In a recent interview with Mississippi Today, Bryant said that the state secured $50 million for this early childhood program – which records show is not true. Laurie Smith also told Mississippi Today in 2019 that the state would be going after a $50 million grant, but it only applied for $10 million.

The government eventually rejected Mississippi’s application and the whole operation collapsed. 

“It was a complete failure to launch,” said Debbie Ellis, owner of Greenwood child care center The Learning Tree and leader of a coalition of providers in the Mississippi Delta. “And it set us back years.”

Today, there is no child care quality rating system in Mississippi.

Yet, Bryant was still touting the defunct program as recently as December 2020. 

“When I was governor, I helped create the Family Based Unified and Integrated Early Childhood System, which connects and integrates resources and services for both parents/caregivers and their children,” Bryant said well after the grant was over and the program ceased to function. “This system was expanded as Mississippi secured a $10.6 million federal Preschool Development Grant. This grant funding is helping to strengthen the state’s early childhood systems and improve access and quality for Mississippi families with children age five and under.”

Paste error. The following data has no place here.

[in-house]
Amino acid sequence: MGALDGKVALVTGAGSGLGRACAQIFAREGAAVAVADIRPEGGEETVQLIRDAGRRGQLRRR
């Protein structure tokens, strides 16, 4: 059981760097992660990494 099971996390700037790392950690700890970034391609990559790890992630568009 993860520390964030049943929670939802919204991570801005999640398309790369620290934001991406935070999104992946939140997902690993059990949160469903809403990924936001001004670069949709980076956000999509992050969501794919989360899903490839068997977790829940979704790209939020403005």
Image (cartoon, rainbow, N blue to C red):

Mississippi Today informed Bryant that no centers ever received the comprehensive designation. “If you’re telling me some government program didn’t work properly, I’m not saying that they always do,” Bryant told Mississippi Today.

Bryant did characterize the program as a success because, he said, “I was told that it was.”

“Dr. (Laurie) Smith managed that and from every report I got was doing a very good job,” Bryant said.

Asked how he knew, during his administration, if reports he received about the efficacy of his programs were honest, he responded, “You don’t. It’s impossible.”